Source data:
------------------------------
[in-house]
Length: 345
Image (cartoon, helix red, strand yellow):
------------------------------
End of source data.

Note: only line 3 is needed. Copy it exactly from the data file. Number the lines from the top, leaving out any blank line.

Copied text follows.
Image (cartoon, helix red, strand yellow):